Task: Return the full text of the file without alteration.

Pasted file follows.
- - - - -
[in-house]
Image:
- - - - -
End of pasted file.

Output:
[in-house]
Image: